Appointment of Myron Frans as senior University leader prompts conversation about pay in higher ed

Frans will earn $399,000 annually as the senior vice president for finance and operations.


Ellen Schmidt

Regent Darrin Rosha speaks during a meeting on June 8, 2017. Rosha was among those who questioned the annual salary of Myron Frans in September 2020.

Abbey Machtig

The University of Minnesota introduced Myron Frans as the new senior vice president for finance and operations last month, prompting a discussion among the Board of Regents about the cost of administrator salaries within higher education.

In a discussion before Frans was officially appointed, the Board of Regents raised concerns about his annual compensation package, especially given the University’s financial insecurity due to the COVID-19 pandemic. Regents also expressed concern with the lack of consultation about Frans’ hire, a feeling student leaders echoed.

Regent Darrin Rosha was one administrator who voiced concern at the September meeting. Although he supported Frans’ selection for the position, Rosha said he feels the overall model of compensation is cause for concern and needs to be addressed.

“Boards like ours across the country have sat back and allowed ourselves to create this fictional market that ultimately leads to all of these students paying student loans into their 30s and 40s,” Rosha said. “So while you certainly can’t question a person’s desire to earn as much as they’re able to, the fact that the institution is offering … this type of compensation, it’s literally a question of morality.”

Frans will receive an annual salary of $399,000. This amount is subject to the 10% pay reduction taken by top administrators in July — an effort to cushion the financial blow of the pandemic. Frans will also receive additional deferred compensation ranging from $50,000 to $80,000 each year between 2022 and 2026.

This salary is 6% less than former Senior Vice President Brian Burnett earned.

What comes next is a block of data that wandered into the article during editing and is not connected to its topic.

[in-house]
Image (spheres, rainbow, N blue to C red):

Frans received approximately $158,000 in 2019 in his previous position working under Minnesota Gov. Tim Walz.

In an interview with the Daily, Frans commented on the concerns about his compensation and the disparity between his new salary with the University and what he earned previously while working for the state.

“I understand the concerns about higher education salaries, and it’s something that we need to look at — and obviously mine came in lower than my predecessors,” Frans said. “I would just say, some comparisons were made to the state salaries paid … for the comparable positions. My only comment is [state salaries] are woefully inadequate for the jobs that are required for those folks. I think the comparison doesn’t work that well.”

Rosha and several other board members also said they feel that higher education should be viewed as a public service rather than a private business and that compensation models should reflect this purpose.

“When I came back to the board in 2015, the two things that had grown exponentially were administrative salaries and tuition. Everything else sort of follows the standard trajectory: faculty salaries and other costs are sort of in line with what you would expect from an inflationary standpoint,” Rosha said. “But administrative salaries and tuition had gone up dramatically.”

Other board members supported the appointment and salary, saying that in order to attract potential candidates to the University, salaries need to remain competitive with peer institutions.

“The salary is in line with what other people are getting from around the country. He’s making less than his predecessor. [The decision] wasn’t unanimous, but I think it was a strong support,” Regent Richard Beeson said.

According to materials from the September meeting, an annual salary of $354,700 falls in the 25th percentile of similar positions nationwide. The 50th percentile is marked by a salary of $407,800 each year.

Frans, who replaced predecessor Burnett, was approached by University President Joan Gabel about the senior vice president position. Addressing the financial implications of the COVID-19 pandemic is a major focus of the position, Gabel said in an interview with the Minnesota Daily.

“Myron Frans, through his work … has a very unique set of experiences that are very aligned with what the University is going to need for the next several years,” Gabel said. “He has repeated experience successfully and consultatively taking institutions out of deficit and stabilizing them financially. We are not in a deficit, but we don’t want to go into a deficit.”